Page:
Des Moines, Iowa — Iowa farmers planted about 64,000 more cover crop acres funded through state and federal incentives in the fall of 2015 compared to fall 2014 – a 22 percent increase — that’s according to the Natural Resources Conservation Service or “NRCS.”
They say Iowans planted over 291,000 cover crop acres last fall compared to just over 227,000 in 2014 with help from state and federal conservation programs. The numbers include funding from the Iowa Department of Agriculture and Land Stewardship (IDALS) through the Water Quality Initiative (WQI), State Cost-Share, and local watershed projects. USDA’s NRCS provides farmers assistance for cover crop through the Environmental Quality Incentives Program (EQIP) and the Regional Conservation Partnership Program (RCPP).
NRCS officials say that cover crops such as cereal rye, winter wheat and hairy vetch are helping farmers provide ground cover and living roots in the soil throughout the year. They say this helps improve soil health, water infiltration, and soil biology, reduce soil erosion and weed competition, trap excess nutrients in the soil, and even provide livestock grazing.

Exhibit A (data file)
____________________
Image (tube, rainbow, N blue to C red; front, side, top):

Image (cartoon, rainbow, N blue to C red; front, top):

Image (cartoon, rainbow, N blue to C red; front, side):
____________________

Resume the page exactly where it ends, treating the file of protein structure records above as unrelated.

Barb Stewart, state agronomist for NRCS in Iowa, credits the increase in cover crop acres to the amount of outreach and education to famers from conservation groups throughout the state, along with more farmers paying attention to soil health and water quality the past several years.
She says that a few years back many farmers were more careful, experimenting with 10- and 20-acre cover crop plots. She says that many of those farmers are now planting hundreds of acres of cover crops, and even growing and harvesting their own cover crop seed.
NRCS and IDALS are both anticipating cover crop acres to increase by about 15 percent next year in Iowa, based on 2016 program signups.
Northwest Iowa farmer and Iowa Secretary of Agriculture Bill Northey says that they continue to see interest in cover crops grow, both from farmers brand new to the practice as well as those who have been doing it for a couple years.
Northey says even in challenging economic times in agriculture, farmers are seeing the benefits cover crops provide and putting their own money toward cover crops and other practices focused on protecting water quality and improving soil health.
For more information about cover crops and other practices and programs to help address natural resource concerns on your land, you can visit your local USDA Service Center for planning assistance.